"But seek first his kingdom and his righteousness, and all these things shall be yours as well. Therefore, do not be anxious about tomorrow, for tomorrow will be anxious for itself. Let the day's own trouble be sufficient for the day." Matthew 6:33-34 (RSV)

Thursday, March 25, 2010

Opening New Doors

Hi from Gail Gaymer Martin at

Authors have many opportunities to step through new doors that open as their career grows. Naturally, I love writing and am enjoying my new series, Dreams Come True. But writing isn't the only thing that keeps some writers busy.

Coming from a teaching and counseling background (I still maintain my counseling license), I have stepped through two new doors as an author. The picture above was taken in Dallas two weeks ago when I was on staff of American Christian Writers. On Friday I taught four continuing classes on Writing Christian Fiction. I had appointments with writers and delivered the banquet keynote address. On Saturday, I presented two other workshops, kept more appointments with authors, and delivered the plenary address before serving on the staff panel for the end of conference.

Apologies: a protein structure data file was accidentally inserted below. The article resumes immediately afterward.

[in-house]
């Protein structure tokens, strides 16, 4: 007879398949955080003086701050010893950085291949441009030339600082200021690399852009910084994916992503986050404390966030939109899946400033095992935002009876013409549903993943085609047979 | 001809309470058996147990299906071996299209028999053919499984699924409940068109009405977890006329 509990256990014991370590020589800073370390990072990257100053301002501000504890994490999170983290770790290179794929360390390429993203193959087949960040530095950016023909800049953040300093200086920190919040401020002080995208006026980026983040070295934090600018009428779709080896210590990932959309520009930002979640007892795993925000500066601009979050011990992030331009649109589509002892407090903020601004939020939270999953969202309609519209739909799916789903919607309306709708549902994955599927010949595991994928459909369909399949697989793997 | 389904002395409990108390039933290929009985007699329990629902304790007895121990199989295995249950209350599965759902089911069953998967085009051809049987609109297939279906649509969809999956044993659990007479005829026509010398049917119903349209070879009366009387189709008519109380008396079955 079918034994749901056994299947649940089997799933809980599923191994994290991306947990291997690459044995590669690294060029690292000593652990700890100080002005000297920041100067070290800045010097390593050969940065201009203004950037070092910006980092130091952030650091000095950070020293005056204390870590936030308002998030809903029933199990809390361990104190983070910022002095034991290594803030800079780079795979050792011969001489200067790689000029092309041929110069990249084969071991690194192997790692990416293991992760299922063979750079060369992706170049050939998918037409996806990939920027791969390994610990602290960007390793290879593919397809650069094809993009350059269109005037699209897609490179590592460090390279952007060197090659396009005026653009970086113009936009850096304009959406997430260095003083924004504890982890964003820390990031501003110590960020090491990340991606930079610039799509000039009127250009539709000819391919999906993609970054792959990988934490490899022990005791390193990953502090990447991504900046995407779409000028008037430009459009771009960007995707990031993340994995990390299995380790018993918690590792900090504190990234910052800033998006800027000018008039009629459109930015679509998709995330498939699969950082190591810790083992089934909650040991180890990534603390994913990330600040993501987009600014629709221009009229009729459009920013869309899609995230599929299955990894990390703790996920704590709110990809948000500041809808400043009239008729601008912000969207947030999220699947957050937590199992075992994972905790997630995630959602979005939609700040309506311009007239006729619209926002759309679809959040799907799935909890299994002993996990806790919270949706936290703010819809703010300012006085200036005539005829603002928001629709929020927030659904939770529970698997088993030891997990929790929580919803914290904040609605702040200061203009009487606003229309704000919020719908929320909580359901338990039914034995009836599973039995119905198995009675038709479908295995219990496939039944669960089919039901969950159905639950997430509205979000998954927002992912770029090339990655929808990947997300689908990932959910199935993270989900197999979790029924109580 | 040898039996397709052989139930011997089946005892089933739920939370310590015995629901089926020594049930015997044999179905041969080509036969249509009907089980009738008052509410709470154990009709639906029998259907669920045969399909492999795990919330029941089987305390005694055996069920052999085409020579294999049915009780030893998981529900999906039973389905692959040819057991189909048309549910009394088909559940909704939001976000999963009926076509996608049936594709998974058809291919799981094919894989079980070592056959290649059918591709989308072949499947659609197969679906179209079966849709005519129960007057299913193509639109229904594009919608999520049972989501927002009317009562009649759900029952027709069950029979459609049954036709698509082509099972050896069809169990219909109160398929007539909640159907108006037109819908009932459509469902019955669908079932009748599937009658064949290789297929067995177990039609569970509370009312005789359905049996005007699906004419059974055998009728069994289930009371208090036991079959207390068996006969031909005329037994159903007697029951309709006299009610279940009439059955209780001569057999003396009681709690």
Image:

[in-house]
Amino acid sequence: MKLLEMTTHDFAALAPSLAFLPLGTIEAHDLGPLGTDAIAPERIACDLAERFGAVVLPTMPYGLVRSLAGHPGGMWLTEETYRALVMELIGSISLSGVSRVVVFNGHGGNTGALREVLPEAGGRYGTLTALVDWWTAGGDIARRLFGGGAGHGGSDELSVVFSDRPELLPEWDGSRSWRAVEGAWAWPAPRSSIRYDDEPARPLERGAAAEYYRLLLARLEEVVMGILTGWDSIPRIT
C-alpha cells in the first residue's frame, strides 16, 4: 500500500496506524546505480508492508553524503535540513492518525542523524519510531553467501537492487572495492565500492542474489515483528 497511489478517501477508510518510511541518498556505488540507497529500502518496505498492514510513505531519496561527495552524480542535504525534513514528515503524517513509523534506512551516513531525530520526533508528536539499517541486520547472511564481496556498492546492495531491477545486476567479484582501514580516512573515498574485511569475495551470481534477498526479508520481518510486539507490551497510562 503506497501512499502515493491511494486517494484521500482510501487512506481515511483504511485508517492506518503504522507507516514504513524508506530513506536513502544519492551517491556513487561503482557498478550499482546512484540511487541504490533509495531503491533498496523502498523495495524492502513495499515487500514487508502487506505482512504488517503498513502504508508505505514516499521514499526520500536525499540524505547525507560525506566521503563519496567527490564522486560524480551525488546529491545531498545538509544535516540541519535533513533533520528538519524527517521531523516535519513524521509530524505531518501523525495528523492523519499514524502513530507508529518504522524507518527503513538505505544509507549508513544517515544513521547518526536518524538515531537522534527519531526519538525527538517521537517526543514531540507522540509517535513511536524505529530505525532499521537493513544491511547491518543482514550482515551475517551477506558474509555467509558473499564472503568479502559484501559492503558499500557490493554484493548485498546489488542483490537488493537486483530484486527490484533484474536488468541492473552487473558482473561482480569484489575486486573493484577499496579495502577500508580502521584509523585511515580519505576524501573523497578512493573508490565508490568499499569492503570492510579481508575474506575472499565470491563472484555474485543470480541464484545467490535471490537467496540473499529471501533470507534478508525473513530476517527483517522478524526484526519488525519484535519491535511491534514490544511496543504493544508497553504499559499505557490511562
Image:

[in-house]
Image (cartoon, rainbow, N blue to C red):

I enjoy presenting new ideas and techniques to budding writers and even experienced one. Learning never stops, and we all benefit from hearing about new ways to approach our novels.

But another door that I love is presenting keynote addresses at churches and ladies events. Last weekend I spoke in Washington, Michigan to a wonderful group of women for their annual breakfast retreat. My address was two fold: a humorous look at a writer's journey followed by the more serious topic, Spring Cleaning Your Heart and Mind, appropriate for the season.
During this event, I had a book table where I giveaway prayer pads, calendars, pens, and a copy of one of my children's short stories with a lesson that reflected the message in my talk along with other giveaways. I also offer my books for purchase and autographing. These wonderful ladies nearly wiped out my display of books. What a blessing to have time to talk to these woman who love to read.
Before I say goodbye for now, don't forget to look for Bride in Training in stores in mid-June and available to direct maill readers much sooner. It's the final story in the Man's Best Friend Series. If you love dogs and romance, you'll enjoy this book.

Wednesday, March 24, 2010

Splinter faith and pre-order splendor

Okay so I know that title was kinda cheesy...but I'm headed out the door to visit my granny Veda in the hospital.